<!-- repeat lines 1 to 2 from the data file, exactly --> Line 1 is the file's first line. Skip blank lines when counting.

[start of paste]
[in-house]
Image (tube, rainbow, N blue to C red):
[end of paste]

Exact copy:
[in-house]
Image (tube, rainbow, N blue to C red):